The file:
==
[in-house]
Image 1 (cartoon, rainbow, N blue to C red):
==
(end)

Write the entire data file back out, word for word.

[in-house]
Image 1 (cartoon, rainbow, N blue to C red):